During my watch, I saw phosphorescence – that beautiful glowing effect that waves have when it’s pitch dark. At the end of my watch, when Stephen came on, we both saw a rocket take off from Cape Canaveral. It left a deep orange trail and shot across the sky. Interestingly enough, the sound actually followed the light by a couple minutes. 4AM came real early since I went to bed at 1AM, so I overslept, and Bill stayed on til 5. At 530AM, I saw dawn’s early light, sun was a bit blocked by clouds, but as always daybreak is a mesmerizing and welcome sight.
June 4, 2018 - Monday – Day Two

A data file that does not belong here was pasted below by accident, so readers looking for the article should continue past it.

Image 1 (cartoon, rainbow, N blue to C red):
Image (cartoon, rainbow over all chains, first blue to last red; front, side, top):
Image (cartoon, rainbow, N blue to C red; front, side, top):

Crew members slowly awakened, and I was grateful they could start the generator to use the electric, make coffee, yogurt, toast, and continue sailing.
Stephen put the fishing lines out even before breakfast. Around 1030 AM, Stephen caught a TUNA! He cleaned it as Bill sailed the boat and we were all eager to enjoy the catch that night for some sushi appetizer and grilled for dinner.
Monday was a day with lots of naps and general boat tasks in preparation for our second night watch. We had really great wind all day, and then it slowed rather quickly around 9 PM. Which was fine for me as I preferred to have a calm night on watch.
Second night watch schedule:
- Bill 10-12
- Dawn 12 – 2
- Stephen 2-4
- Bill 4-6
This night watch was a little eerie to me. There was a slight fog floating just above the water, and no visible moonlight to brighten things up. I was glad when Stephen came up to take his watch shift.